This past weekend, my wife and I drove to a wedding at a resort in the mountains of western Maine. Before we left, I entered the hotel name into the mapping app on my phone. It gave me turn-by-turn directions and the estimated arrival time. What happened next is critically important:
I used the information to drive to our destination (a.k.a.. achieve our goal).
When we use maps, we’re very intentional in our purpose for using them. We’re planning to go to a specific destination, we need to arrive at a specific time, and we may have some specific preferences for the route we take (i.e. no tolls, or fastest route).
The mapping app gives us certain information that will lead us to the best decision on how to achieve our goal; it shows us multiple routes, and the mileage and travel time for each.
There are two key behavioral points that make the map app highly useful:
- We have a clearly-defined goal associated with using the map (reaching our travel destination on time).
- We have a specific action-oriented plan for how we’ll use the information that the map provides.
Now, let’s talk about the reports that we run from our various software applications…
How many of them are as useful as the mapping app on our phones? Conversely, how many of them are always run, but rarely read?
Is each report associated with a specific business goal?
Does a specific step-by-step plan exist for using the report?
Are there specific actions that you know in advance that you’ll take, based on what’s revealed in the report?
To help illustrate the point, let’s look at how one particular client uses a “Portal Performance Analysis” Report:
First, the client has a specific business goal associated with the report: to raise the level of “Tier Zero Resolution” (the percent of inquiries initiated in the Portal that are resolved by the self-service knowledge base) to 75% by year-end. When the report appears on the screen, the first thing the client sees is a precise measurement of their current rate of “Tier Zero Resolution.” This tells the exactly how far they are from their goal.
Second, the client has a series of steps they follow in using the report, which lead to making subtle changes to knowledge base content that will increase the percentage of questions that are resolved through self-service:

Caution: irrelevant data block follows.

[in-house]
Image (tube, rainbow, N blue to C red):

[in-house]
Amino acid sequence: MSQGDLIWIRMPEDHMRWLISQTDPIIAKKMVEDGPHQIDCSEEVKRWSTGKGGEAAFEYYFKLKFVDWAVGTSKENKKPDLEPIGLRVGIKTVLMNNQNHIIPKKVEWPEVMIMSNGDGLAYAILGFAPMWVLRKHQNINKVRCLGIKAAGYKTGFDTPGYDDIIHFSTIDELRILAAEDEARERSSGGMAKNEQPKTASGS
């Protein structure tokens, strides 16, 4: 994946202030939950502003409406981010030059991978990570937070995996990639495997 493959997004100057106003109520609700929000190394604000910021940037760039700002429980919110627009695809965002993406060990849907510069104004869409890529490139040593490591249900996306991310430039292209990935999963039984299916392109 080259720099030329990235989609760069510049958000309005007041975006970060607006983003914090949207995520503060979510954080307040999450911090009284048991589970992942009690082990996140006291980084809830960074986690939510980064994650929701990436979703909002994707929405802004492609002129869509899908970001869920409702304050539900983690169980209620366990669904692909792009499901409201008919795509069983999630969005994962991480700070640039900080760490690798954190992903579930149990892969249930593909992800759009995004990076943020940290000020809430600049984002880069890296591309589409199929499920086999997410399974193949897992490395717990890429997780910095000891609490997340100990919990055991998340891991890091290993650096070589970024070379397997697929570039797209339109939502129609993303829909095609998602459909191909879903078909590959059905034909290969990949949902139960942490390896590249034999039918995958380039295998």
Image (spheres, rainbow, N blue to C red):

- Select the Request Type that contains the highest number of escalated requests (those that were not resolved through self-service).
- Click into that Request Type, and select the Category with the highest number of occurrences.
- Click deeper into the Category to reveal the Subcategory with the most escalations.
- Once they’re at this level of detail, they can accurately infer the type of question for which the employee could not find an answer in self-service. At this point, they take a specific action:
- Build “missing“content into the knowledge base, or if the right content exists, improve the keyword meta-tagging of the content to make it more easily found by the employee’s search.
- Repeat this process for the three Request Types with the highest number of escalated requests.
By consistently using the process, the client has seen a steady improvement in their rate of “Tier Zero Resolution.”
What business goals are associated with each of the reports that your organization runs on a regular basis? And what are the specific steps that are followed, using the information within the report? And what specific actions are taken to help attain the associated business goal? Are you getting closer?
Oh, and by the way – my wife and I took the fastest route to the wedding destination, arrived in just under one hour and 20 minutes – in plenty of time to meet up with friends and relax before the wedding.